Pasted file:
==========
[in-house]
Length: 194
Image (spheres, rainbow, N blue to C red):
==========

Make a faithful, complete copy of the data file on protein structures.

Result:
[in-house]
Length: 194
Image (spheres, rainbow, N blue to C red):